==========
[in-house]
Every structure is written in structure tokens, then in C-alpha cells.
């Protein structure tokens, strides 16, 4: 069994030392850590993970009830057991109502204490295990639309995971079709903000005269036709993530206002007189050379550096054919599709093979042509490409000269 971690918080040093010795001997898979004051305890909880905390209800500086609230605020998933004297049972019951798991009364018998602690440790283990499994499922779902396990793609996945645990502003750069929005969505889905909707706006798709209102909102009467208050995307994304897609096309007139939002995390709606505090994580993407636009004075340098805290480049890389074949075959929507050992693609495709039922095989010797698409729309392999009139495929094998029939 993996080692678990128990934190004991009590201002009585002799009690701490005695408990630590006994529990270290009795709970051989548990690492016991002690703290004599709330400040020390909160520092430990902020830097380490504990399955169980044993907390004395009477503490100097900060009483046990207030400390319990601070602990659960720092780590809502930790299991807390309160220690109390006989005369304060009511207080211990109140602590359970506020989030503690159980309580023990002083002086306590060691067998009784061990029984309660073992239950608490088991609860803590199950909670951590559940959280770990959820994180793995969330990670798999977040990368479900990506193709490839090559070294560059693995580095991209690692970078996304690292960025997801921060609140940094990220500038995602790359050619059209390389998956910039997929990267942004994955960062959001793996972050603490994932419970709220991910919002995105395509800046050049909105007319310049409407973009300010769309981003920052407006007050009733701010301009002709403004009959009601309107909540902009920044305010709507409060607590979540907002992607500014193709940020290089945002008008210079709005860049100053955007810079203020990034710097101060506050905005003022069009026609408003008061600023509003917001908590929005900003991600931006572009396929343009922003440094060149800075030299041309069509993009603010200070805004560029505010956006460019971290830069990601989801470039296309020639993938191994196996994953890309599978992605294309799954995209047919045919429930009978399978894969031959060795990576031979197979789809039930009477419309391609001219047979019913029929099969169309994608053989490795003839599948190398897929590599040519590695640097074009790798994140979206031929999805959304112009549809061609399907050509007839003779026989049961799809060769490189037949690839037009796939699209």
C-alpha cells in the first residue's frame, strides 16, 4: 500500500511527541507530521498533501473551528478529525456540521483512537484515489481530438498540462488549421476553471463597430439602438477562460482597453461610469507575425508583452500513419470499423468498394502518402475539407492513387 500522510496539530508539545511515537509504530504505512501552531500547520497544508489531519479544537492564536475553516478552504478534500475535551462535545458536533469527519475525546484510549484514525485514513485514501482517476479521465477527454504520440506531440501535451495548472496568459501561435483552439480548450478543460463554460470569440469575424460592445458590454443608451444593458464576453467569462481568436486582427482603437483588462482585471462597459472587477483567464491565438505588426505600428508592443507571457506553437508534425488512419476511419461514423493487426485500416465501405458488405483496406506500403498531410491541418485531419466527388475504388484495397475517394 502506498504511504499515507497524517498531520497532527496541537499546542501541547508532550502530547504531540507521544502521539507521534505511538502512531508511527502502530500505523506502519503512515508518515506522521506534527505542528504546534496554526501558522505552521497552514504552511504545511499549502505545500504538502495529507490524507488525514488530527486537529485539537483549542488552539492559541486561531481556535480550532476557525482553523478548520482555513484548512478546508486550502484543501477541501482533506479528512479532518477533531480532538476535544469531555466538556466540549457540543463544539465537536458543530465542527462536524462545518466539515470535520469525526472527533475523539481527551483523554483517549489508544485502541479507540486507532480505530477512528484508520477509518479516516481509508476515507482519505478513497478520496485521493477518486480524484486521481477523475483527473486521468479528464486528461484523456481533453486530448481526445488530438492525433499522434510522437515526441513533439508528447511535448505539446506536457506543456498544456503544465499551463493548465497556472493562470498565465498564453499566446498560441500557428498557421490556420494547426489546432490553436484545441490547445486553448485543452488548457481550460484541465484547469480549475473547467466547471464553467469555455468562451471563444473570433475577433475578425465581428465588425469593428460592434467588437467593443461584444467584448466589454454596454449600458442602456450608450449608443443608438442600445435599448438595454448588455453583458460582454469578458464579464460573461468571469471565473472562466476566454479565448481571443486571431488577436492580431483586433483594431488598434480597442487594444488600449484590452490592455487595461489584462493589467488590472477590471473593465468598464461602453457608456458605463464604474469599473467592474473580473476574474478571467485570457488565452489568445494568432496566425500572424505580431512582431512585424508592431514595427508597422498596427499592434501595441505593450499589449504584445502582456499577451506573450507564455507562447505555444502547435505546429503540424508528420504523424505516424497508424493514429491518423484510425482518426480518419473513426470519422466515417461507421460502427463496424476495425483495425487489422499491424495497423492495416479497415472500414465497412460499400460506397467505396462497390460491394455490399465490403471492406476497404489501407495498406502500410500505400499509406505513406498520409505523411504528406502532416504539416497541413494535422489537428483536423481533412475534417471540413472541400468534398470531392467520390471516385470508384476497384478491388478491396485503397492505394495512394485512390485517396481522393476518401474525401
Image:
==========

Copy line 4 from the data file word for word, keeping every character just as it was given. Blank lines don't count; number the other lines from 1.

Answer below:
C-alpha cells in the first residue's frame, strides 16, 4: 500500500511527541507530521498533501473551528478529525456540521483512537484515489481530438498540462488549421476553471463597430439602438477562460482597453461610469507575425508583452500513419470499423468498394502518402475539407492513387 500522510496539530508539545511515537509504530504505512501552531500547520497544508489531519479544537492564536475553516478552504478534500475535551462535545458536533469527519475525546484510549484514525485514513485514501482517476479521465477527454504520440506531440501535451495548472496568459501561435483552439480548450478543460463554460470569440469575424460592445458590454443608451444593458464576453467569462481568436486582427482603437483588462482585471462597459472587477483567464491565438505588426505600428508592443507571457506553437508534425488512419476511419461514423493487426485500416465501405458488405483496406506500403498531410491541418485531419466527388475504388484495397475517394 502506498504511504499515507497524517498531520497532527496541537499546542501541547508532550502530547504531540507521544502521539507521534505511538502512531508511527502502530500505523506502519503512515508518515506522521506534527505542528504546534496554526501558522505552521497552514504552511504545511499549502505545500504538502495529507490524507488525514488530527486537529485539537483549542488552539492559541486561531481556535480550532476557525482553523478548520482555513484548512478546508486550502484543501477541501482533506479528512479532518477533531480532538476535544469531555466538556466540549457540543463544539465537536458543530465542527462536524462545518466539515470535520469525526472527533475523539481527551483523554483517549489508544485502541479507540486507532480505530477512528484508520477509518479516516481509508476515507482519505478513497478520496485521493477518486480524484486521481477523475483527473486521468479528464486528461484523456481533453486530448481526445488530438492525433499522434510522437515526441513533439508528447511535448505539446506536457506543456498544456503544465499551463493548465497556472493562470498565465498564453499566446498560441500557428498557421490556420494547426489546432490553436484545441490547445486553448485543452488548457481550460484541465484547469480549475473547467466547471464553467469555455468562451471563444473570433475577433475578425465581428465588425469593428460592434467588437467593443461584444467584448466589454454596454449600458442602456450608450449608443443608438442600445435599448438595454448588455453583458460582454469578458464579464460573461468571469471565473472562466476566454479565448481571443486571431488577436492580431483586433483594431488598434480597442487594444488600449484590452490592455487595461489584462493589467488590472477590471473593465468598464461602453457608456458605463464604474469599473467592474473580473476574474478571467485570457488565452489568445494568432496566425500572424505580431512582431512585424508592431514595427508597422498596427499592434501595441505593450499589449504584445502582456499577451506573450507564455507562447505555444502547435505546429503540424508528420504523424505516424497508424493514429491518423484510425482518426480518419473513426470519422466515417461507421460502427463496424476495425483495425487489422499491424495497423492495416479497415472500414465497412460499400460506397467505396462497390460491394455490399465490403471492406476497404489501407495498406502500410500505400499509406505513406498520409505523411504528406502532416504539416497541413494535422489537428483536423481533412475534417471540413472541400468534398470531392467520390471516385470508384476497384478491388478491396485503397492505394495512394485512390485517396481522393476518401474525401